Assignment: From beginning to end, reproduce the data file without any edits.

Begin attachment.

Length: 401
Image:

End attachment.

Length: 401
Image: